Trauma Informed Criminal Justice-Part 2

Written by Melanie G. Snyder on Monday - February 20, 2017.

How prevalent is a history of trauma among people who are incarcerated or otherwise in the criminal justice system? According to SAMHSA's GAINS Center, here are some statistics:

* the MacArthur Mental Health Court (MHC) study documented trauma histories of 311 mental health court participants in three states and found that:

- 70% of women and 25% of men were sexually abused or raped before age 20

- 67% of women and 73% of men experienced child physical abuse (any kind other than sexual abuse)

- 61% of women and 68% of men had experienced their parents beating or hitting them with a belt, whip or strap

- 46% of women and 27% of men had witnessed their parents hitting or throwing things at each other

- 39% of women and 28% of men had experienced having the father-figure in their childhood home being arrested

- 25% of women and 20% of men had experienced the father-figure in their childhood home using drugs

SAMHSA's GAINS Center also reports findings from the Targeted Capacity Expansion (TCE) for Jail Diversion Study, a 5-year study of men and women with co-occuring mental health and substance use disorders who were in jail diversion programs. This study was funded by SAMHSA from 2002 - 2007. The TCE researchers found that:

* 96% of the women and 89% of the men in jail diversion programs reported lifetime trauma

* 74% of the women and 86% of the men in jail diversion programs reported current trauma

SAMHSA draws the following conclusions from the research on trauma among justice-involved individuals:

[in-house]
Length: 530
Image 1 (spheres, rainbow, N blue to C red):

"There are high levels of trauma in both men and women, and in justice-involved individuals. Based on these statistics, it is safe to assume that everyone who comes into contact with the justice system has a history of trauma, so criminal justice professionals should take 'universal precautions'."

At Lancaster County Prison, over the past couple of years, the Family Services Advocate, Jen Strasenburgh, has administered the ACEs Quiz to incarcerated parents to assess the amount of trauma they have experienced in their lifetimes. The results, compared to the original CDC/Kaiser Permanente ACEs study, are shown below:

 

 

 

How being trauma-informed improves criminal justice responses

Written by Melanie G. Snyder on Wednesday - February 01, 2017.

"Although prevalence estimates vary, there is consensus that high percentages of justice-involved women and men have experienced serious trauma throughout their lifetime. The reverberating effects of traumatic experiences can challenge a person's capacity for recovery and pose significant barriers to accessing services, often resulting in an increased risk of coming into contact with the criminal justice system." – SAMHSA GAINS Center – "How Being Trauma-Informed Improves Criminal Justice System Responses"

In our previous series of articles about the connections between trauma, addiction, mental health and crime, we presented . . . 

The ACEs Quiz

on Monday - May 30, 2016.

Continuing our series of articles on childhood trauma and criminal justice responses, below is the ACEs quiz to determine someone's ACEs score.

Several key findings from the original CDC/Kaiser Permanente ACEs study are especially noteworthy:

The original study was conducted with 17,500 predominately middle class, Caucasian, college-educated American adults who had good health insurance.  And in that population:

* 63% of them had experienced at least 1 Adverse Childhood Experience (ACE)

* 50% of them had experienced between 1 and 3 ACEs

* 12% of them had experienced 4 or more ACEs.

So ACEs, it turns out, are incredibly common. In later articles in this series, we'll explore some of the specific data on connections between ACEs and health risks, as well as what the research shows about resilience factors and protective factors that can mitigate the potentially harmful effects of trauma, as well as what's needed to heal from childhood trauma. But for now, here's the quiz to determine someone's ACE score.

 

Finding Your ACE Score